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Governments should allow popular debate on COVID-19 restrictions – Experts

Sean Nelson.

Kampala, Uganda | THE INDEPENDENT | Governments that continue to implement COVID-19 restrictions must allow the people to voice their concerns to lead to better management of the pandemic, experts have said.

Speaking at the 8th virtual townhall meeting themed ‘continuous religious freedom concerns during COVID-19 in Uganda’ on Nov.29, Sean Nelson, the legal counsel at the Alliance Defending Freedom (ADF) in the United States, said, as many people raise their voices against COVID-19 restrictions, authorities must pick interest in that and respond accordingly.

He particularly referred to Uganda government’s move to limit the number of worshipers at places of worship.

“…you have to treat worshipers fairly and consistently with other regulations,” he said.

He said, it is not okay to shutdown places of worship when other areas are open.

“That discrimination raises suspicions,” Nelson said. He added that human beings need that connection with God and enhance their spiritual strength.

He said, such moves appear to suggest that churches are not essential, which is against the key provisions in the International Covenant on Civil and Political Rights (ICCPR).

The government of Uganda put a cap of 200 people to attend mass/prayer gatherings as one way of minimizing the risk of spreading COVID-19, but critics say, this move is misplaced given that it has no scientific backing.

President Yoweri Museveni has repeatedly said, the country will fully be reopened in January 2022 after majority of the population obtaining their COVID jab.

Anne Tendo, a lawyer and Ugandan citizen said, the COVID-19 situation has not been good for any religion during the pandemic because of the limitations that the government put in place.

“There is no scientific basis to show that places of worship are super spreaders of the virus,” Tendo said.

She said, there are cases in Ugandan courts and East African Court of Justice challenging some of these measures, but their hearing is taking long because of case backlog within the judiciary.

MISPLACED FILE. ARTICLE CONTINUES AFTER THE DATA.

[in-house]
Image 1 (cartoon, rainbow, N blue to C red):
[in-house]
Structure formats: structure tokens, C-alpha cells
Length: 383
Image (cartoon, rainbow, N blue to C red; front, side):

“People have every right to enjoy their freedom of worship…I hope courts will agree with petitioners to reopen places of worship,” said Tendo.

Dr Eva Mugisa, a pharmacist said, covid restrictions have fueled debate about management of the virus threat.

Mugisa said, the management of this pandemic should be done to preserve life in all aspects and not to hurt.

“Uganda is a very religious nation,” she said, adding that limiting the number of worshipers in various centres is not scientific and should not have been implemented.

Mugisa does not also support conducting vaccination drives around worship centres.

“If you have vaccination exercise done within a clinical setting, that is okay,” she said, but doing it in a place of worship raises ritualistic aspects to it.”

“Anything to do with blood is misplaced when it is done in houses of worship,” she said, “these touches more those with strong sentiments on matters religion.”

“I don’t think that is ethical, but that is the situation on the ground,” she said in reference to Ugandan authorities allowing vaccination drives to happen around worship centres, before adding, houses of worship are holly places and should not be used for medical procedures.

The latest townhall meeting was moderated by Lois MacLatchie, a communications expert, hosted by ADF. These virtual meetings aim to providing alternative views on COVID-19 management by authorities around the world.

2 comments

  1. Surely the places of worship is being treated unfairly, looking at the current state of affairs

  2. The pros and cons of COVID 19 vaccine should be discussed openly in the public domain

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